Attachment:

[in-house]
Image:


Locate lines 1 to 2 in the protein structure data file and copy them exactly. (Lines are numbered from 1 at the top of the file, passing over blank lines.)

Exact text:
[in-house]
Image: